In Griffith University v Tang  HCA 7; (2005) 221 CLR 99, the High Court by a majority held that academic decisions of a university, such as whether to enrol or confer a degree were not subject to judicial review as such decisions were not “under an enactment” under the Judicial Review Act 1991.
In Lyons v Queensland  HCA 38; (2016) 259 CLR 518, Gageler J of the High Court held that the entitlement for administrative review does not allow for any “administrative choice”; the requirements are “either met or not met independently of any action, inaction, knowledge or opinion of a person administering” the relevant Act.
Justice Martin Burns considered that as s 76(1) of the Education Act does not confer any decision-making powers, it does not found a “reviewable decision” under the Judicial Review Act 1991.
Burns J held that s 76(1) does not allow for any “administrative choice” as the requirement of there being a religious denomination or society was not met, independently of any action, inaction, knowledge or opinion of a person administering the Education Act.
On the issue of whether the Temple is a religious denomination or society, Burns J indicated he was most unimpressed with the Application:
 Apart from Mr Bell and Mr Bristow, only one other person (the graphic designer) was identified by the evidence as a member of the Temple. Reliance on Facebook followers and page likers as members of the Temple and therefore adherents is an absurd notion. Similarly, reliance on the sending by three parents of emails to school principals as some measure of support for the assertion that the Temple was comprised of some followers who were interested in Satanism is unsound because there is no evidence that any of those parents were members of the Temple.
 The Temple has no genuine connection to anything pertaining to religion. There is certainly no evidence of a shared belief in a supernatural being, thing or principle, let alone canons of conduct to give effect to such a belief. To the extent that Mr Bell submitted that the Temple amounted to a “religious society”, no common element pertaining to or concerned with a religion (or religions) was in evidence. Indeed, as best I can ascertain on the evidence, the identified members of the Temple are wholly irreligious. None of this should be surprising because the Temple was not formed (and nor has it been conducted) as a religious denomination or society; the sole reason for its existence was (and remains) to push a political barrow.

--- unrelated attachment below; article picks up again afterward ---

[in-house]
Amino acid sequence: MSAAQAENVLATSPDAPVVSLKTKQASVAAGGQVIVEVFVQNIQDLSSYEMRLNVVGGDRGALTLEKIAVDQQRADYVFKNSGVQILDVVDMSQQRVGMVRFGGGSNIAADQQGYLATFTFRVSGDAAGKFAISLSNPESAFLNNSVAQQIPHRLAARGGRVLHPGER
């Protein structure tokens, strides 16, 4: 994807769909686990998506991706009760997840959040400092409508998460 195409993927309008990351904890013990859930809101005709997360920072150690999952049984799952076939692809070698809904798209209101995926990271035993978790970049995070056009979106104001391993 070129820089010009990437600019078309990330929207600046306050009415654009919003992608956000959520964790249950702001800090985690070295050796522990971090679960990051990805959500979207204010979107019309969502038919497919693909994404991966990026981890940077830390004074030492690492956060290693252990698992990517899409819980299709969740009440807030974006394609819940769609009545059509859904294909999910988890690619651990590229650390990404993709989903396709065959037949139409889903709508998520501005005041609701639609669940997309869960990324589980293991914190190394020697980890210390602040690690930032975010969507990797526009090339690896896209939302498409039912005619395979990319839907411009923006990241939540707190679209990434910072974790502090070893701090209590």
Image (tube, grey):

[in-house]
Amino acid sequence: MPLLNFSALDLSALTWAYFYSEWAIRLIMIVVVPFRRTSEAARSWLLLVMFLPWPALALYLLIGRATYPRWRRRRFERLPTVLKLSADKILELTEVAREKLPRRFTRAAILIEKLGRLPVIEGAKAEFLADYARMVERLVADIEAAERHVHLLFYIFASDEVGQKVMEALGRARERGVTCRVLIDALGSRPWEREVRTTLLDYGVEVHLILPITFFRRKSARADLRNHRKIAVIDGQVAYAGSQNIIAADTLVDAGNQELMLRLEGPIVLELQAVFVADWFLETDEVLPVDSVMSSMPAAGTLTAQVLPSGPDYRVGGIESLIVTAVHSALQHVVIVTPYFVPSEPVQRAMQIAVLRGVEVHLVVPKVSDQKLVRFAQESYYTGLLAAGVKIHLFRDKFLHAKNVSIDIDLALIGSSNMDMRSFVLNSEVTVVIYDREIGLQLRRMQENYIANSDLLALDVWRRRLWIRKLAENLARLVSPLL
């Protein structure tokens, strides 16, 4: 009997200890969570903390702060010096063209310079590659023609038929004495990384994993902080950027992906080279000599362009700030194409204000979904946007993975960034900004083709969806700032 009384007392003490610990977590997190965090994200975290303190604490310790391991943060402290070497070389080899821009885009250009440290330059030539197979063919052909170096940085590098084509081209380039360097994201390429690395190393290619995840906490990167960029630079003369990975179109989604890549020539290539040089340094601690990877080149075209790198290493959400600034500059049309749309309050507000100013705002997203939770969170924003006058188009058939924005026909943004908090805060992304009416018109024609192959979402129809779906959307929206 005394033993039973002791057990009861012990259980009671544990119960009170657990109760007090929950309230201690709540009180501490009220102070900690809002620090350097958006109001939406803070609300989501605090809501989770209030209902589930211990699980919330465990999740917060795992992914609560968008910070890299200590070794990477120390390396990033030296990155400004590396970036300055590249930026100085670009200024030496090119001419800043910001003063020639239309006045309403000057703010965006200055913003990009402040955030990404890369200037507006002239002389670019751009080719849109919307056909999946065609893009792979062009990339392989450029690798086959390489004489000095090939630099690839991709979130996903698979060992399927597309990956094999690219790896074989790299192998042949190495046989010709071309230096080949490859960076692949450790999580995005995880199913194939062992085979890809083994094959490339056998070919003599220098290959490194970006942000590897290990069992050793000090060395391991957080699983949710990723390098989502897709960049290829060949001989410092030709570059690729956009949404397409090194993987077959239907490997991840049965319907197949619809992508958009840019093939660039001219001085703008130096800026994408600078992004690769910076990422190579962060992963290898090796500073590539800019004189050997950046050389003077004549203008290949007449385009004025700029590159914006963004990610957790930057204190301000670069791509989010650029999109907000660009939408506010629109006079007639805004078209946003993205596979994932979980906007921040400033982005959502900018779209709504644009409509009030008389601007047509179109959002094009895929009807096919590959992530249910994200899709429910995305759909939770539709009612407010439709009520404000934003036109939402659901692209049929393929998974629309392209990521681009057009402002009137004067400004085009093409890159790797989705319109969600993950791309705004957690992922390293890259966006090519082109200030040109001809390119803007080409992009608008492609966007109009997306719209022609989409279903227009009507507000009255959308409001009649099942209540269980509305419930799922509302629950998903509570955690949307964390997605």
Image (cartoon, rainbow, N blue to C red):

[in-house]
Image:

It was therefore concerning to wade through what was advanced about the Temple to the school principals, the Deputy Director-General and this court. For example, it was claimed in the Forms that the “Satanic Religious Instruction” to be provided to students will include “information about the religion of Satanism, including belief in Satan as a supernatural being, the canons of conduct and the tenets”. In Mr Bristow’s letter to the Deputy Director-General of 12 March 2021, the claim was made that “[w]e are a religion” and that the Temple was a “church” with a “religious purpose”. In his affidavit, Mr Bristow deposed that the Temple was “devoted to the education, practice, celebration and promotion of the religion of Satanism” and that the “Temple’s purpose” included the promotion of a “belief in Satan as a supernatural spirit” and a “commitment to follow the example of Satan”. Then, Mr Bristow affirmed that the “supernatural belief of Satan that the Temple aims to promote is the Satan of the Bible” and that “[t]his is the supernatural spirit we will preach to our students in religious instruction classes.”
 Aided by Mr Bell and perhaps another, Mr Bristow’s attempt to obtain approval to deliver “Satanic” religious instruction in State schools was nothing more glorified than a base political stunt. His persistence with that attempt through the medium of this proceeding has resulted in a deplorable waste of the resources of the State which had to be marshalled in opposition to the relief sought and the needless allocation of court time and resources to deal with it.
Whether Robin Bristow gets prosecuted for his evidence remains to be seen.